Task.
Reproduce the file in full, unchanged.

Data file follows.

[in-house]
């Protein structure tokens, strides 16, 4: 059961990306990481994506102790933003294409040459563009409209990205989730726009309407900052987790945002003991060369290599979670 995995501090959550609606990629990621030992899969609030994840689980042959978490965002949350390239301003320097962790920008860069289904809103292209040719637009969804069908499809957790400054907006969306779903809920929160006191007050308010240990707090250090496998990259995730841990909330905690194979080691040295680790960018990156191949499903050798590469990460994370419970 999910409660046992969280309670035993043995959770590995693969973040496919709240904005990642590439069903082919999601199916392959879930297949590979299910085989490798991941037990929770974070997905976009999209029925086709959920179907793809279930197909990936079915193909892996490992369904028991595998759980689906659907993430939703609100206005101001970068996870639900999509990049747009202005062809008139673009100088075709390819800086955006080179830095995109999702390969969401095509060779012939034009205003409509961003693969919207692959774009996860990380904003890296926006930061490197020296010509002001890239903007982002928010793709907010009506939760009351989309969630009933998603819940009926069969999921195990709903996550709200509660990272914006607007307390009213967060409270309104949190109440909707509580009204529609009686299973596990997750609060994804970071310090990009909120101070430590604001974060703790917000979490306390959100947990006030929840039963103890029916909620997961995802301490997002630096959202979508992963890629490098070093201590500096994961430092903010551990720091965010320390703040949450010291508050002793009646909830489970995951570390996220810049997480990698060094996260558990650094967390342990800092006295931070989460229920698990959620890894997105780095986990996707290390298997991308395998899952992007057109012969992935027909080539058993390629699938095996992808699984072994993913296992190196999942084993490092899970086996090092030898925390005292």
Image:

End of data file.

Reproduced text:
[in-house]
């Protein structure tokens, strides 16, 4: 059961990306990481994506102790933003294409040459563009409209990205989730726009309407900052987790945002003991060369290599979670 995995501090959550609606990629990621030992899969609030994840689980042959978490965002949350390239301003320097962790920008860069289904809103292209040719637009969804069908499809957790400054907006969306779903809920929160006191007050308010240990707090250090496998990259995730841990909330905690194979080691040295680790960018990156191949499903050798590469990460994370419970 999910409660046992969280309670035993043995959770590995693969973040496919709240904005990642590439069903082919999601199916392959879930297949590979299910085989490798991941037990929770974070997905976009999209029925086709959920179907793809279930197909990936079915193909892996490992369904028991595998759980689906659907993430939703609100206005101001970068996870639900999509990049747009202005062809008139673009100088075709390819800086955006080179830095995109999702390969969401095509060779012939034009205003409509961003693969919207692959774009996860990380904003890296926006930061490197020296010509002001890239903007982002928010793709907010009506939760009351989309969630009933998603819940009926069969999921195990709903996550709200509660990272914006607007307390009213967060409270309104949190109440909707509580009204529609009686299973596990997750609060994804970071310090990009909120101070430590604001974060703790917000979490306390959100947990006030929840039963103890029916909620997961995802301490997002630096959202979508992963890629490098070093201590500096994961430092903010551990720091965010320390703040949450010291508050002793009646909830489970995951570390996220810049997480990698060094996260558990650094967390342990800092006295931070989460229920698990959620890894997105780095986990996707290390298997991308395998899952992007057109012969992935027909080539058993390629699938095996992808699984072994993913296992190196999942084993490092899970086996090092030898925390005292």
Image: